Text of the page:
We had a great time.

I am well behind in blogging and hope to catch up with some photos of the wonderful dinner with Claire Benyon...that was a remarkable treat, meeting a wonderful New Zealander. I learned that good bloggers read faithfully and even read all the comments on the blogs they follow and realized that when I'm capable of keeping up with the blog reading, I never read the comments because, to me, that's like reading other people's mail...   obviously I've carried over my scruples into the wrong place. And I learned that I should answer every comment on my own blog...  oh, dear, apologies all around...and thanks for reading this!!

Sunday, May 1, 2011

Earth Day in Chelsea and lots of other stuff

 Chelsea declared this Saturday as Earth Day and I went along to the parking lot in back of City Hall to get my green tee-shirt and decided to photograph various sites for the Chelsea Collaborative since I don't have the energy for serious, useful work. The most heroic attempt at cleaning and clearing was at this cove, near the Marina that's private... (This is in the fancy area of this small and extremely beleagured little city which is now predominantly Hispanic, Admiral's Hill, with townhouses and condos. There's a nice park where no one is allowed to lay soccer anymore. I used to scoff at anyone who lived here, but now I'm so tired of maintaining my two-family, all the snow, the garden, the roof, the oil tank, blah and blah, that I would, and maybe will, happily trade it for a condo there if I can possibly afford it which means if I can finally take the plastic off the windows because it's warm enough not to need heat and clear up enough to ask a realtor to look at it.)

These reeds were filled with endless debris, even syringes. The black bags are for garbage, nothing that might be salvaged. The white bags are for recycling. This distinction was quite heroic given the circumstances. Folks were actually stopping to try to unscrew and empty the bottles before putting them in the appropriate bag. One man, who is also part of the Community Garden, had been lobbying to get this as a clean-up site in the hope that wild life might be encouraged to re-inhabit it. It's going to take an enormous amount of work, but two hours of the heavy labor of twenty or thirty people did a bit.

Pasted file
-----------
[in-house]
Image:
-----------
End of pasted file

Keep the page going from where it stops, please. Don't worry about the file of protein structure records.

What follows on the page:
One of the benefits of going around to different cleaning areas to photograph is that I got to see Mill Creek, a site that has taken twenty years and probably a lot of money,  to recover. A white heron, a gorgeous thing, was standing out in the flowing water. Two plastic bags floating on the reeds hardly disturbed the general restoration of this site. Now there's a small park for kids up the path and an area where hot dogs and non-dogs were served to all of us.

One of the things I told Elsa is that I'm tempted to outline sections in my garden and photograph the before and after. I bought clothes line at the Dollar Store and proceeded to weigh it down with bricks and take the before photographs. Then I dug out some weeds, etc., which truly showed me what an insane idea this is because I went to sleep afterwards. I don't seem to be able to do any gardening, even in small doses. My body does not like it.

The photographs of what I accomplished in the small amount of time I worked will look a lot better than these. I'll probably abandon this project.

Elsa said the idea reminded her of work done by various folks in some previous decade, I don't remember which one. But for me, it's attached to my plan to put string grids across my shelves and then write down where every object came from and what it means to me. I thought that would  make a really interesting bit of work -- photographs with extensive text. About twenty years ago.  Of course, I would never have shown it anywhere. And I didn't do it because I couldn't get the strings to look like a grid.

This project, passe as it probably is, and impossible as it will be to manage, given the size of my garden and the general mess, probably won't get done, either. But it was fun to think about.
This is the sushi lunch that Elsa art directed. I also have some nice photographs of the empty plates (we ate everything, everything ) and her paying the bill, but enough is enough.